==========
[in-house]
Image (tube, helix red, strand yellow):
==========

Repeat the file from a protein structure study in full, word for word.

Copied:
[in-house]
Image (tube, helix red, strand yellow):